If you attend a gym we’re sure you’ve heard everyone talk about protein or may have noticed people sipping on shakes after they finish their work out. So why are people doing this, and is it something you should also be doing?
The NZ Nutrition guidelines state on average for a female you need 0.8g protein per kg of body weight for your daily protein intake. This means for a 70kg female you would be looking at 56g protein per day, for a 90kg male this would be 72g.
To give you an idea of what this looks like, a 1/2c dry serving of oats, with 1/2 cup non-dairy milk would be ~15g protein. To up the protein even further you could add a serving of peanut butter (1-2 Tbsp) or 1-2 Tbsp chia or hemp seeds, or nuts, which can add an additional 5-10g protein. That means you could be looking at a possible 20g protein just from one meal!
If you are eating a range of foods and a balanced diet (Plant Based Bag or Veggie Bag for dinner definitely takes care of some of this!) then you should be quite easily able to reach your daily protein requirements. If you are going to use a protein powder to supplement then you want to be looking for something that has no added sugar and is ideally 100% pea, brown rice or hemp protein to avoid any unnecessary added nasties.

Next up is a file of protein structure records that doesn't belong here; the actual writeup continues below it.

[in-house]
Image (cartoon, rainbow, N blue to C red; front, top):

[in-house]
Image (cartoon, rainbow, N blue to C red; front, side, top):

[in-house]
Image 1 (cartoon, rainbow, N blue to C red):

If you are a morning exerciser then using a protein powder in a breakfast smoothie or a protein shake on top of your regular breakfast may be useful whereas if you are an evening exerciser, your dinner should cover your protein needs. Protein powder can be a great way to make your morning smoothie much more satiating and keep you fuelled for longer.
You don’t necessarily need to be consuming protein shakes every day to reach your protein requirements, as a healthy balanced vegetarian or plant based diet is sufficient to meet your daily requirements. However, protein powder is a handy thing to have particularly for your morning meals, and may help some of you reach your daily protein intake more easily.